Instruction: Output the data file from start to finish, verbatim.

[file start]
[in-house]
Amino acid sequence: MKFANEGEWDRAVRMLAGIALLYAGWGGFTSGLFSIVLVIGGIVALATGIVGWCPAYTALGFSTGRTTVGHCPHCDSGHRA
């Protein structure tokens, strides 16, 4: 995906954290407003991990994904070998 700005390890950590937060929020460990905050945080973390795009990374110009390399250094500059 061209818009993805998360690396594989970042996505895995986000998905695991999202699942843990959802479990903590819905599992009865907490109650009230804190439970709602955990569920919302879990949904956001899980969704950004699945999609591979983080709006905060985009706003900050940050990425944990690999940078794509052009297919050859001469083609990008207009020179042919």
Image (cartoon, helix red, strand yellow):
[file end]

[in-house]
Amino acid sequence: MKFANEGEWDRAVRMLAGIALLYAGWGGFTSGLFSIVLVIGGIVALATGIVGWCPAYTALGFSTGRTTVGHCPHCDSGHRA
């Protein structure tokens, strides 16, 4: 995906954290407003991990994904070998 700005390890950590937060929020460990905050945080973390795009990374110009390399250094500059 061209818009993805998360690396594989970042996505895995986000998905695991999202699942843990959802479990903590819905599992009865907490109650009230804190439970709602955990569920919302879990949904956001899980969704950004699945999609591979983080709006905060985009706003900050940050990425944990690999940078794509052009297919050859001469083609990008207009020179042919």
Image (cartoon, helix red, strand yellow):